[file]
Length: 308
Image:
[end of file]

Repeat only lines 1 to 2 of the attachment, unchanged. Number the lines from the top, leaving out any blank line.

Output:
Length: 308
Image: